The last few days have certainly been interesting. It all started on Saturday when things got really windy. We lost electricity in the late afternoon. We've learned over the years that if it isn't back in a few seconds, it won't be back for awhile, so Mike tried to start the generator. Key word: tried. It wouldn't start, so he spent the next couple hours working on it. The sun went down, and he kept working with the help of a flashlight, then the barn lights came on.
Good news: Electricity is back.
Bad news: We knew that Sunday's weather was predicted to be worse, and we still did not have a working generator.
Sunday morning, we were lounging in bed, sipping coffee. Mike was texting our daughter who now lives in Ft. Worth, and I was gazing out the window. Suddenly one of the turkey's moveable pens lifted off the ground, flew high into the air, and came down on top of a 12-foot tall pine tree. Mike's head immediately popped up from his cell phone, and as soon as he saw that I was staring out the window with my mouth wide open and spewing expletives, such as "Holy cow!" he whipped his head around in time to see the pen landing on top of the pine tree. He flew out of bed, and as we exited the bedroom, we met Jane, who was also running out of her bedroom. Because I was still in my gown, I was glad to see that Jane was dressed.
She and Mike ran out to the front yard as I ran for my camera. It seemed like it would be entirely inappropriate for me to yell after them, asking them to wait to remove the pen from the top of the tree while I switched to my zoom lens, which is why I didn't manage to get a picture of it. Those pens are not at all heavy, which was good for the tree and good for Mike and Jane, as it was easy to get down, and it had not broken any branches on the tree.
Once they had the pen down, they had to herd the turkeys back in there. Interestingly enough, the other turkey pen did not get blown away at all. We think it's because it was positioned at a 90 degree angle to the one that did get blown. As long as the wind could blow straight through the pen and under the tarp like a tunnel, it didn't get any lift. Unfortunately, the forecast was calling for the wind to shift in the afternoon from the south to the west.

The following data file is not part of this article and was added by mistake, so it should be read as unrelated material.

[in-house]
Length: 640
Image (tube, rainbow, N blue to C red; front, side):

The forecast was also calling for even stronger winds in the afternoon. Ultimately we decided to slide the pens up against the wooden fence, sticking the skids until the fence and tying the pen to the fence. Jane and Mike piled cinder blocks on the two corners of the skids that were not under the fence.
Mike went back to work on the generator, while Jane and I started chores. When we were feeding the sheep, we saw a ram lamb mount a ewe, which should not really have happened because the ram lambs were supposed to be castrated. Jane grabbed the little guy when he wasn't looking, and I checked for the presence of the family jewels. I thought that I felt two testicles that were very uneven in size. Since I had used a Burdizzo to castrate the little guy, I assumed that I had somehow missed the cord on one, so I was heading to the barn to grab the Burdizzo and try again. At that moment Jonathan was hurrying into the pasture to tell us that we were under a tornado alert.
"Well, we have a testicle alert here!" Jane shot back, as she was holding the little ram. I know tornadoes are nothing to play with, but we already had the little guy, so it should only take a minute to redo the job. I grabbed the Burdizzo from the barn and brought it out to the pasture. As soon as we were done and let the lamb go, I heard the roaring that was unmistakeably the sound of a tornado. I told Jane, who is from Baltimore and knows nothing about tornadoes, and we both started rushing to the house. Once we were close to the house, however, she wanted to stay outside and see everything. Amazingly enough, we were getting zero rain -- not even a drop! -- even though the radar showed purple and magenta over us, so we should have been getting buckets of rain. Later we learned that the tornado was only a couple of miles away.
We wound up losing Internet because the tornado knocked out electricity where our service provider's tower is located, but considering all of the people killed and houses damaged, we were extremely lucky. We are only an hour from Washington, IL, which made national news as it had some of the worst damage, and we have a friend closer to Chicago whose neighbor's barn was completely blown to bits. We've also seen a video of a twister touching down near Pontiac, which is only 12 miles from us. So, all things considered, we really can't complain.